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Economics of CSG - links to research papers

PostPosted: Thu Mar 01, 2012 8:49 am
by HVPA_research
* Archived from HVPA mailing lists *

In response to your enquiry I have found the following information that may be of some interest:

CSG economic modelling; On the alleged benefits of the Santos coal seam gas project in North West NSW
February 14, 2012 David Richardson

This analysis takes apart the "Jobs" assumptions of the Allen Report ( ... Qfbqp2YDA&
sig2=jmsi0_DzFXXqdB_Uirzqjg&ct=b ).
It may be of interest that there are hardly any direct jobs expected but over 500 of new public servants!

COAL SEAM GAS BONANZA? by Martin Knox. He is a retired coal and petroleum reservoir engineer and this is his website
There is heated argument between Queensland’s Coal Seam Gas (CSG)companies and landholders at or near sites of projects in the Surat Basin coalfield area. Publicity often presents ill-informed opinion. This paper presents basic information required to understand CSG technology and project economics.
Coal Seam Gas (
He thinks that CSG is not all that profitable and that coal in de-gassed coal seams could be more valuable. In other words, CSG and coal mining are not mutually exclusive and that coal mining may follow CSG. This is a bit of a worry.

This links to a paper entitled: Berman: Why the Marcellus Will Disappoint Expectations
It is about the economics of the shale gas, not coal seam gas, but the problems and patterns may be similar.

It is hard to find CSG well production statistics from Australian sources. However equivalent data from the US Powder River coal bed methane wells ( are readily available and they indicate:
An average well reached a peak production rate of 319 Mcf/D after 1.2 years of production then declined at 45% per year. The decline curves showed little hyperbolic behavior. Peak average water rate of 569 BWPD was reached 0.4 years after the start of production. The length of time to reach peak gas rate is decreasing, likely an indication of successful dewatering in areas of the field.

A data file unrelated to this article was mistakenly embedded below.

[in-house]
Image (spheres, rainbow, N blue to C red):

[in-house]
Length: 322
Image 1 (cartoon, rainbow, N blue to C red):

This means that the life of a typical CSG well is quite short and that new wells would need to be drilled all the time in order to achieve a constant level of production. In other words, this will be gasland for ever expanding into new areas. In contrast to that, the conventional gas production fields stay the same for long period of time.


Very slow progress here, good data is hard to come by, and much seems to be commercial in confidence.

I need a Lisbeth Salander look alike.

Do you or your colleagues have a copy of the Santos report "the economic impacts of developing Coal Seam Gas operations in North West NSW", sometimes called The Allen report? If you examine page 11 "expected annual northwest NSW CSG production", it projects a flat line in CSG production from 2023 to 2035 at 210PJ per annum. Even allowing for a phasing in of new wells there is little indication of a falloff in gas output over time, as we were discussing at Bin 688. Is there any other information supporting the assumption that production from a well tails off over the life cycle? Where did this assumption originate?

There is a bit of data around on Investment and government subsidies, also of interest as it may also indicate that NSW taxpayers are subsidising the CSG industry. Do you have any analysis describing government contributions to the CSG industry?

Bill Hastings